As you can see, a simple sentence can be quite long -- it is a mistake to think that you can tell a simple sentence from a compound sentence or a complex sentence simply by its length.

The most natural sentence structure is the simple sentence: it is the first kind which children learn to speak, and it remains by far the most common sentence in the spoken language of people of all ages. In written work, simple sentences can be very effective for grabbing a reader's attention or for summing up an argument, but you have to use them with care: too many simple sentences can make your writing seem childish.

When you do use simple sentences, you should add transitional phrases to connect them to the surrounding sentences.

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0902.2. Compound Sentence

A compound sentence consists of two or more independent clauses (or simple sentences) joined by coordinating conjunctions like "and", "but", and "or":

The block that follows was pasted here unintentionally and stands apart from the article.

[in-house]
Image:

Simple: Canada is a rich country.
Simple: Still, it has many poor people.
Compound: Canada is a rich country, but still it has many poor people.

Compound sentences are very natural for English speakers -- small children learn to use them early on to connect their ideas and to avoid pausing (and allowing an adult to interrupt):

Today at school Mr. Moore brought in his pet rabbit, and he showed it to the class, and I got to pet it, and Kate held it, and we coloured (Am sp - colored) pictures of it, and it ate part of my carrot at lunch, and ...

Of course, this is an extreme example, but if you over-use compound sentences in written work, your writing might seem immature.

A compound sentence is most effective when you use it to create a sense of balance or contrast between two (or more) equally-important pieces of information:

Montéal has better clubs, but Toronto has better cinemas.

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0902.3. Special cases of Compound Sentences

There are two special types of compound sentences:
1. Using a coordinating conjunction. First rather than joining two simple sentences together, a coordinating conjunction sometimes joins two complex sentences, or one simple sentence and one complex sentence. In this case, the sentence is called a compound-complex sentence.